How Do I Become a Fighter Pilot?

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  • Written By: Ray Hawk
  • Edited By: E. E. Hubbard
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  • Last Modified Date: 26 November 2019
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There is no guaranteed path to become a fighter pilot in most modern military services, but there a few core requirements that are expected for anyone to have a chance at the career. Most fighter pilot requirements include being a commissioned officer, which requires holding a four-year bachelor's degree from a university system and/or the completion of a military officer training school program. Pilots must be in good physical health with vision correctable to 20/20, with no record of criminal violations in their past and relatively young. In the US military, the cutoff age to become a fighter pilot in the Air Force is 29 at time of application, 28 for the Marines, and 27 for the Navy.


The US Air Force Academy offers the largest number of fighter pilot positions to candidates in the US military overall. Getting into the Academy requires a proficiency in math and science, and an above-par high-school grade point average (GPA) of at least 3.7. The US Navy and Marines also have academies that are four-year programs like the Air Force's, and all require that you be under 23 years old when you apply. Reserve officer training corps (ROTC) programs are another path to obtaining an officer commission to become a fighter pilot in the US, either in the Air Force ROTC (AFROTC) or Navy ROTC (NROTC). The one exception to pilot positions in the US military is the Army, where warrant officers can fly who are not commissioned officers, though the US Army has no fighter wing squadrons as of 2011.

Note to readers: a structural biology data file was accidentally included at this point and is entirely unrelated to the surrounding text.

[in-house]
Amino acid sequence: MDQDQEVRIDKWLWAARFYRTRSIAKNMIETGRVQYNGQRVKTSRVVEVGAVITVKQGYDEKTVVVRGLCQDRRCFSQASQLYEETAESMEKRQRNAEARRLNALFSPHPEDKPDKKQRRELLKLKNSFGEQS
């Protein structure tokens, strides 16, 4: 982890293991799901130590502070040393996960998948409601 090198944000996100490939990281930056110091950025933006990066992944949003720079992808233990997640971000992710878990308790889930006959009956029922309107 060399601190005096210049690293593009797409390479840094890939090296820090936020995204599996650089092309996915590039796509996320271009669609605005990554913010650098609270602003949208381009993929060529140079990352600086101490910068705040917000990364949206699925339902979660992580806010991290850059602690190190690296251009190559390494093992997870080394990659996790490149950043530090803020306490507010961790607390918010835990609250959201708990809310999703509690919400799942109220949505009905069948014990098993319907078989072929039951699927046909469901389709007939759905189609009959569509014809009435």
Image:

Once Academy training and officer status is obtained, the next step to become a fighter pilot involves military training to become a Naval Aviator (NA). These programs are begun in the US with Aviation Preflight Indoctrination also known as Undergraduate Pilot Training (UPT) for six weeks of physical training, emergency procedures, and learning the basics of aerodynamics and navigation. Candidates are then taught the same skills required to get a private pilot's license, which involves up to 66 hours of flight training plus substantial classroom time in technical and engineering disciplines.

Many men and women enter the US military academies with a goal to become a fighter pilot, but completing academy training is not alone sufficient. A candidate has to become Pilot Qualified (PQ), which they find out about in their junior year, and disqualifications can occur for many reasons including vision limitations involving depth perception or astigmatism that can't be corrected by LASIK surgery. Getting into the Air Force academy also requires a nomination by a US Senator, Congressional representative, or appropriate very important person (VIP) who the academy recognizes for their stature and achievements. Because of the difficult path and requirements to become a fighter pilot in the US, it is recommended that students in high school begin planning for it early, and talk to local military recruiters to ensure that they are doing everything necessary to improve their odds of gaining one of the limited positions available.


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